Ralls acquired a constitutionally protected property interest. The district court previously had concluded that while Ralls acquired legally cognizable property interests as a matter of state law, those interests were not constitutionally protected because Ralls (1) acquired the interests subject to the known risk of a Presidential veto” and (2) “waived the opportunity . . . to obtain a determination from CFIUS and the President before it entered into the transaction.” The DC Circuit rejected this analysis. It concluded that there was nothing “contingent” about the property interests that Ralls obtained and that Ralls did not waive its property interest by choosing not to make a voluntary filing with CFIUS.
Constitutional due process requires access to unclassified information and an opportunity to rebut that information. In one of the most important holdings in the case, the DC Circuit determined that the “specific dictates of due process” in the CFIUS context requires “at the least, that the affected party be informed of the official action, be given access to the unclassified information on which the official actor relied and be afforded an opportunity to rebut that evidence.”
However, parties before CFIUS have no right to classified information or information protected by executive privilege. The court was careful to note that due process does not require that parties have access to classified information. The court also noted that the Executive Branch could seek to assert executive privilege with respect to certain information related to the President’s decision and withhold such information from the parties.
District court to consider scope of CFIUS’s authority to impose interim orders. Even before President Obama’s issuance of the Presidential Order, CFIUS separately had issued an interim order prohibiting Ralls from accessing the wind farm locations and imposing certain other requirements and restrictions. Ralls challenged CFIUS’s interim order as beyond CFIUS’s authority and as a violation of the Administrative Procedure Act. The district court concluded that Ralls’ challenge of CFIUS’s order was mooted by the President’s subsequent order and declined to consider that question. The appeals court disagreed, applying the “capable of repetition yet evading review” exception to the mootness doctrine. Importantly, the court’s decision in this regard puts the question of whether CFIUS’s interim order exceeded the Committee’s authority squarely before the district court on remand.
Ralls’ Unique Circumstances and the Implications for Remand
To understand the impact of the Ralls decision, it is essential to bear in mind the unusual circumstances of the case. Most importantly, Ralls did not notify the transaction to CFIUS until after the transaction had been consummated. As a consequence, Ralls already had acquired the relevant property rights before it ever entered the CFIUS process. By contrast, the vast majority of parties that voluntarily seek CFIUS review do not acquire an interest in the relevant property until after the CFIUS review is completed. These unusual circumstances led to an equally unusual and extreme outcome: an interim CFIUS order and a Presidential Order compelling divestiture of the U.S. business.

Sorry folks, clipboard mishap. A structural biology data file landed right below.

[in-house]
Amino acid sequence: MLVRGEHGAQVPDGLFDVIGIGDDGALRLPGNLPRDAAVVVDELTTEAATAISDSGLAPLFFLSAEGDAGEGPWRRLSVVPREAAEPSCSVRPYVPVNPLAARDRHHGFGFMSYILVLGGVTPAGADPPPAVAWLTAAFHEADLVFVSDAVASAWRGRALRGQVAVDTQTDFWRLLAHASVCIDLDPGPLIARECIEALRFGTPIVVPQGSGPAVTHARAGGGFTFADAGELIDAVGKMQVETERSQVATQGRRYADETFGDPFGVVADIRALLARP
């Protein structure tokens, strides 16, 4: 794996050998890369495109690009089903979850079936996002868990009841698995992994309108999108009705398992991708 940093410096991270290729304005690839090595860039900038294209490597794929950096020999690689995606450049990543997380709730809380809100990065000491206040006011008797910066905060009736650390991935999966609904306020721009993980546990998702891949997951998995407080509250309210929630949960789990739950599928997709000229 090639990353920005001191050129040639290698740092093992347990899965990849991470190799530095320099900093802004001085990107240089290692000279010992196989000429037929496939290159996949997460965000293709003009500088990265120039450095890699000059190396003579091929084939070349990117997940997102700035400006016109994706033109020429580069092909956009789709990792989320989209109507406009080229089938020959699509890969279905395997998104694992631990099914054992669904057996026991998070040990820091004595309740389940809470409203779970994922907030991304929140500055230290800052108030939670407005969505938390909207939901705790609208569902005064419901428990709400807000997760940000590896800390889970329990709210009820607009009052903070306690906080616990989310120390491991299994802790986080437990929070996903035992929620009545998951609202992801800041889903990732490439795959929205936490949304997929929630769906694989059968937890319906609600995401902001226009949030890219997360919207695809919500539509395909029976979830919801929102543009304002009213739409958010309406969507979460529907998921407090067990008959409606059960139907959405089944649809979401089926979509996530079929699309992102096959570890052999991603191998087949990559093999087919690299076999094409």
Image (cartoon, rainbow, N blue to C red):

In part because of these unusual circumstances, the DC Circuit decision is unlikely to have a meaningful practical impact on Ralls’ position vis-à-vis CFIUS. As noted, the court was very careful to make clear that it did not question the President’s authority to block a transaction or force a divestiture. And there is little reason to believe that the President would have reached a different conclusion had Ralls been afforded enhanced procedural protections that the DC Circuit now has required. We note in this regard that a statement by the Department of the Treasury that accompanied the Presidential Order already contains a cursory explanation of the reasons for the President’s decision:
Ralls Corporation is owned by Chinese nationals, and is affiliated with a Chinese construction equipment company that manufactures wind turbines. The wind farm sites are all within or in the vicinity of restricted air space at Naval Weapons Systems Training Facility Boardman in Oregon.
Given the extreme actions taken by CFIUS and the breathtaking sweep of the Presidential Order—not only was a divestiture directed, but the President ordered the removal of all installations, including concrete foundations, that had been laid by Ralls—it is abundantly clear that the U.S. government had grave national security concerns regarding the Ralls transaction, and those concerns likely were heavily informed by classified analysis. Thus, even if Ralls is presented with unclassified information in greater detail about the nature of the government’s concerns, it is quite unlikely to be able to rebut and mitigate those concerns in a manner sufficient to change the existing outcome of the CFIUS review.
If the DC Circuit decision is not appealed (and granted a writ of certiorari—i.e., review by the U.S. Supreme Court), a potentially more interesting and impactful issue on remand will be the district court’s reconsideration of whether CFIUS’s interim order—which effectively froze work at the wind farms and prohibited Ralls from accessing them—exceeded the Committee’s authority under Section 721. This is particularly important because it goes squarely to the policy balance that underlies the CFIUS statute and process. Thus, as affirmed by successive Presidential administrations dating back to the 1970s, the United States has an open investment policy, welcoming all investors and subject only to very narrowly tailored actions to protect national security. For this reason, the law governing CFIUS established the Department of the Treasury (the executive agency most responsible for the economic vitality of the United States) as the Chair of CFIUS, rather than an agency with more traditional security responsibilities, such as the Department of Defense: in other words—and contrary to the belief of some who view CFIUS as concerned rigidly and solely with national security, as if it operated in a vacuum—the CFIUS process is by statutory design intended to be consistent with and to promote the U.S. policy of open investment, while ensuring that agencies with national security responsibility also can review transactions and take appropriately tailored action to protect national security in the context of an open investment environment. Had Congress intended otherwise, a security agency—not the Department of the Treasury—would chair the Committee.